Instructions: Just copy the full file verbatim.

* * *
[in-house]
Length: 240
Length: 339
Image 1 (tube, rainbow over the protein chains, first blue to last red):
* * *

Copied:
[in-house]
Length: 240
Length: 339
Image 1 (tube, rainbow over the protein chains, first blue to last red):